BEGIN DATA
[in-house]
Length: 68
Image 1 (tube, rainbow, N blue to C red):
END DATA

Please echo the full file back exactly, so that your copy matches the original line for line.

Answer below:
[in-house]
Length: 68
Image 1 (tube, rainbow, N blue to C red):